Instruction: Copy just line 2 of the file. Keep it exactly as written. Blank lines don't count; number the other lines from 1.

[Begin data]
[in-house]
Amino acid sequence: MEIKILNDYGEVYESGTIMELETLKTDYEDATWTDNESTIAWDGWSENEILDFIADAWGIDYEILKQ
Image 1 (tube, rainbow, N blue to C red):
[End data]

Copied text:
Amino acid sequence: MEIKILNDYGEVYESGTIMELETLKTDYEDATWTDNESTIAWDGWSENEILDFIADAWGIDYEILKQ